Date of this Version
The George Eliot Review 30 (1999) Published by The George Eliot Fellowship, http://georgeeliot.org/
It is a tremendous honour to be talking to you today. When I first started work on my biography of George Eliot back in 1993 I never imagined that I would one day be celebrating her birthday with the people to whom her life and work mean so much, the members of the George Eliot Fellowship.
Of course, when I began my research all those years ago, I knew that I would be learning about one of the greatest literary artists of the nineteenth century. But what I hadn't anticipated was just how modem and relevant George Eliot's work would turn out to be to the way we live now, in the closing weeks of the twentieth century.
Only last week I saw an advertisement in the Times Higher Education Supplement which used Eliot's suggestion that 'the strongest principle of growth lies in human choice' as a way of plugging a particular brand of computer software. Banal and even tasteless though this hi-jacking of Eliot's moral authority might be, it does suggest how powerfully her work resonates in our own time. For while Eliot's fiction was written well over a century ago, its subjects and sensibilities strike me as absolutely modem. Indeed, in those eight sublime novels, which stretch from Scenes of Clerical Life to Daniel Deronda, Eliot deals with nothing less than the universal business of being human.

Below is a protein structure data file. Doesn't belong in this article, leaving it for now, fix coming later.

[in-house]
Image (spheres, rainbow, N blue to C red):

Take Scenes of Clerical Life, her first piece of fiction. Amos Barton is a man whom we have all met, a man who doesn't realize how much he loves his wife until it is almost too late. And then there's Caterina Sarti, a girl who can' t help pursuing a man who is bad for her, even though a far kinder and more appropriate suitor is standing in the wings. And what could be more contemporary than the story of Janet Dempster, a woman struggling with both a violent husband and her own dependence on alcohol?